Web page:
This poem makes me smile every time I read it! A comic portrayal of one of the hardships of ranch life that brings to mind the phrase "Cowboys don't complain!"

Written about the old cabin that still sits atop Big Bar Mountain, maybe you'll come across this hidden piece of history on one of your hikes here. Anyone who has stayed there says its the coldest spot in the Cariboo.

 

Good Enough For A Cowboy

He hired on in the spring of the year,
With the cows he was to stay.
In the cow camp on Big Bar Mountain,
Till the range opened up in May.

The boss assured him the cabin was sound,
It was built by Grampa Roy.
At least to my way of thinkin,
It was good enough for a Cowboy.

At first glance it looked pretty skookum,
Nestled among Aspen Trees.
But on closer inspection he noticed,
The porch had quite a lean.

Descending from Old Buddy,
He approached the cabin door.
And was met by local residents,
Pack rats by the score.

Cautiously he stepped inside,
To survey his mountain home.
Guess he'd better plug the holes up,
If he wanted to live alone.

The stove was a 45 gallon drum,
The bottom filled with sand.
The hole or two that had rusted through,
He covered with lids from cans.

The cabin held two bunk beds,
One on either side.
But someone must have used the slats,
To keep the fire alive.

The door was held by just one hinge,
The window lacked two panes.
After one look at the ceiling,
He sure hoped it didn't rain.

The next few days were busy,
Checkin water holes and cattle.
In the evening with a hammer,
He fixed things that creaked and rattled.

After a meal of beans and biscuits,
It was time to hit the sack.
He filled the wood stove to the limit,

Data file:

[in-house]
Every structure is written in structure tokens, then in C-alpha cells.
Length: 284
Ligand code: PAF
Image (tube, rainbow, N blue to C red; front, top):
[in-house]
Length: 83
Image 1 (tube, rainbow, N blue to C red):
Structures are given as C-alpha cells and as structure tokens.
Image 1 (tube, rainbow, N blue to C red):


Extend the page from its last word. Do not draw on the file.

Then lay down upon his back.

It didn't seem like very long,
Till he awakened with a jerk.
A mouse had found its way back home,
And crawled inside his undershirt.

Awake and fully conscious now,
He realised he felt quite wet.
The cabin wasn't that hot,
This was definitely not sweat.

From the crack between the plywood,
The rain it fell drip, drip, drop.
In this corner of the cabin,    
But mostly on his cot.

Come next day the boss showed up,
To check on his cows and man.         
When told the cabin needed repair,
That wasn't in his plan.          

But he'd bunk with the hired hand tonight,
And this suited the cowboy fine.
He moved his bedroll to the right,
And let the boss man have his side.  

Again that night the rain it fell,
But the cowboy never awoke.
The next morning over breakfast,
The boss he hardly spoke.

A few days later up the trail,
Came the ranch truck loaded for bear.
With a new wood stove, lumber and nails,
Roofing paper and tar.

That cow camp on the mountain,
Is like most that dot this land.
Their good enough for the cowboy,
But not for the boss man.

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